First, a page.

William Carey University

Posted on April 17, 2012 by Dr. Jerry Rankin in Down Home in Mississippi

It has been a delightful experience to re-connect with William Carey University and friends in South Mississippi through teaching a missions course on Tuesday nights this spring. Founded in 1906 as Mississippi Women’s College, it became co-educational in 1954 as did Blue Mountain, Mississippi Baptist’s other women’s college in North Mississippi. Women’s College kept its initials in adopting the name William Carey as well as intentionally reflecting its strong commitment to missions.

Although a liberal arts university with diverse programs, WCU has always had a reputation for ministerial training and missions involvement. Over the years it has attracted large numbers of missionary kids and international students. It is one of the few Baptist Colleges that offers a broad curriculum in missions and is currently moving to develop a major that will be linked with the IMB which will include involvement of students in missionary service overseas.

The theme of the University is “Transformed by the renewing of your mind,” from Romans 12:2 to emphasize its focus on quality education for leadership and Christian service. More than 3200 students are enrolled on its 240 acre campus in Hattiesburg and at a branch campus on the coast in Biloxi and a nursing school in New Orleans.

This statue of William Carey, considered the father of modern missions, is in front of the Carey Center where I am teaching an interactive course for area pastors on Wednesday mornings on “Impact Your World”–mobilizing churches for missions. It has been a joy to renew fellowship with Dr. Tommy King, president of WCU. He and I were friends in college and later exchanged pulpits for revivals. He preached for me at my pastorates in Clay County and later in Sadler, Texas, and I preached revivals for him at churches in South Mississippi before departing for the mission field years ago.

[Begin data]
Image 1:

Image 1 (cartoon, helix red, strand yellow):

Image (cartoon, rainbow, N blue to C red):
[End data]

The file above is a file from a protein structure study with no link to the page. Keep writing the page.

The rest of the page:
We are pictured having lunch at the historic Purple Parrot restaurant. Recently Dr. King and his wife, Sandy, hosted us for lunch in nearby Columbia with a group of former IMB missionaries now living in the area. It was a joy to see Betty Hart and Vic and Marlene Bowman who served in Chile, Vic and Sharon Johnson from Brazil, Kevin and Pam Shearer from Peru, Tom and Gloria Thurman from Bangladesh, and Roger and Evelyn Swan from Tanzania. These occasions of fellowship and opportunity to contribute to the university have made the 95-mile weekly drive to Hattiesburg well worthwhile.

Leave a Reply

More News